Named after the famous surrealist photographer and the Spongebob villain, Man Ray is one of Dunedin’s newest live bands. Man Ray sat down with Critic to talk about what it’s like gigging around Dunedin, the process of creating music, and their goal to create safe spaces for everyone within the industry.
Man Ray consists of local musicians Lachlan, Seb, Rutene, and Jack. The group was initially started by Lachlan as a small song-writing project. After making music with a few different people, bassist Seb hopped on board and Man Ray began to come to fruition. “Man Ray has had about four different incarnations now, and this is its final form,” said Seb. It was only a matter of time before the four guys started jamming out and booking gigs at the likes of Starters, or famous flats such as the New Yorker. “We’ve had a lot of gigs so far, so the opportunities are prevalent,” says Jack.
“At the moment we’re just a live band, we’re working on becoming a recording band but it’s a tumultuous process that we haven’t been able to navigate yet,” explains Seb. “There’s a number of factors like being students, not having a lot of money or studio spaces available, and there’s a level of perfectionism in the current Spotify algorithm climate,” he says. Despite this, Man Ray is committed to continuing to play live and work on recording music. “We’re patient and we’re navigating this climate. Something will be out pretty soon,” says Lachlan, “we rely on word of mouth more than social media which I think is to some benefit.”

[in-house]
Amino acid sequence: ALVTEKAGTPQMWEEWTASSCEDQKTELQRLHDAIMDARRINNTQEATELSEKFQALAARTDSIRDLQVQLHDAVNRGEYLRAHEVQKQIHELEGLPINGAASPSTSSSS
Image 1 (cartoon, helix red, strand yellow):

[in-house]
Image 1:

Man Ray describe their sound in a variety of ways. “When I get my friends to come along, I say it’s alternative pop, punk or garage,” says Jack. “There’s a bit of jazz, alternative rock, a bit of punk,” says Seb. Man Ray’s process, like their sound, involves multiple ideas coming together to create something dynamic and lively.
“The best way to write is to have one person have the core section of the song, that collaboration is more fun than starting from scratch,” says Lachlan. Seb explains it usually begins with a core element of the songs, such as a chord progression or lyrics, then it builds from there.
Man Ray also have their sights set on a variety of goals they want to achieve within the Dunedin music scene. “We’re just babies in an incubator at the moment,” says Seb.
“I wanna see people come to the shows and know it’s a comfortable place to express themselves and jump around. It’s what the environment is for. We’re also trying to play with more female bands, that’s part of our vision in creating a comfortable space because it’s so male-dominated unfortunately,” says Rutene. Alongside this, Man Ray is trying to break down the barriers and encourage more representation in the scene. “We want to lift all barriers for entry and gig space, representation is really important to us,” says Seb.
In the near future, Man Ray hopes to release recorded music and continue to gain momentum through gigging. “We don’t want to be a live band for the rest of our existence. The idea of having a well-constructed recorded version of our songs is ideal. We want a concrete body of music that is out there for people to listen to,” says Seb.